Civil War: 50 years after, Nigerians say ‘Never Again’

1: L-R; Prof. Banji Akintoye, Pat Utomi, Prof. Anya O. Any, Prof. Wole Soyinka and Eze Chukwuemeka-Eri.
L-R; Prof. Banji Akintoye, Pat Utomi, Prof. Anya O. Any, Prof. Wole Soyinka and Eze Chukwuemeka-Eri.

Many notable Nigerians, on Monday, gathered to discuss issues that led to the Civil War and ways to foster reintegration and unity in Nigeria, 50 years after the Nigerian-Biafran war.

The discussion held at the ‘Never Again Conference’ organised by the Nzuko Umunna and Ndigbo Lagos, in Lagos.

The conference focused on a constructive discussion of factors that led to the first military coup in Nigeria in 1966, which then led to the Nigerian Civil War between 1967 and 1970.

In an opening remark, Abel Umahi, a retired major-general, said the conference symbolises a national reflection in the civil war which will herald a new chapter in Nigeria’s history.

“This Never Again Conference is geared towards promoting nation-building, forgiveness, healing of wounds, reintegration, stability and national cohesion,” Mr Umahi said

While giving his remark, Anya Anya, the chairman of the occasion, said that Nigeria is in trouble partly because the nation went through a temptation period that led to the war.

“Nigerians have never reflected on the past history since the beginning of the good period. This is the first opportunity for us to do so.”

Mr Anya said the Nigerian situation is not unique, as there are other countries that have gone through it. He said Nigeria should learn from others and from her past mistakes.

Wole Soyinka, the keynote speaker at the conference, said that no nation ever survived two civil wars and there is a need to embrace unity in Nigeria.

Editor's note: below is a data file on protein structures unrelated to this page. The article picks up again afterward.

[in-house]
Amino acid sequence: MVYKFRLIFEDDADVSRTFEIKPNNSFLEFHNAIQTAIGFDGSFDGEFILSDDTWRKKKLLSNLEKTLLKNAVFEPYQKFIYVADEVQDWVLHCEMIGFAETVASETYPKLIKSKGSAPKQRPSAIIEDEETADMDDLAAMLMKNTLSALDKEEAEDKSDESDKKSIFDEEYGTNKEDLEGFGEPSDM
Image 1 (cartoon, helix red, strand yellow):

“One of the ways to say ‘Never Again’ is to enthrone the principles of democracy,” the Nobel Laureate said.

Mr Soyinka said humanity tends to forget lessons too soon and pursue the same course of action again and again, leading to the same consequences.

He recalled that over two million lives were lost within two years of the civil war and numerous casualties resulted from the war.

Good democracy is a key way to declare ‘never again’ to civil war in Nigeria, he said.

He added that the vital goal of humanity is not merely to survive but to live in dignity.

Banji Akintoye, a former senator and the leader of the Yoruba association, asserted that the people of Nigeria will never again manage the affairs of the country in a way that will lead to war.

“We have good reasons to fear today that the character of the affairs of our country these days, and the prevailing mood among us Nigerians, are chillingly similar to the character of the affairs of our country in the months leading to our civil war.

“The government of our country is being managed in ways that make it look like an exclusive preserve of a particular minority. The voices of the majority register protests continually and are continually disrespected and ignored,” Mr Akintoye said.

Mr Akintoye added that Nigeria is in crisis and if the citizens can no longer hold together as one entity, there is a need to find a rational solution so that the nation would not plunge into any form of war.

Pat Utomi, the chairman, planning committee of the conference, in his remark said the inability to manage public conversation is a major challenge to nation-building in Nigeria.

“If you go to the social media today, you will know that Nigeria is at war. The young people who were not anywhere near the war hate so much, and you wonder why? This is a failure of leadership in Nigeria.”

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Mr Utomi said if the Nigerian civil war was held today, there would be no Nigeria because the mood in the international community now accepts self-determination.

He said there is a need to educate the young ones and drive sustainable public conversation on Nigerian problems.

He added that a great part of the problem is leadership failure and Nigeria’s essence has become that of democratisation of mediocrity.

The conference also featured a handshake between the royal fathers in attendance and a declaration of ‘Never Again’ to civil war in Nigeria.


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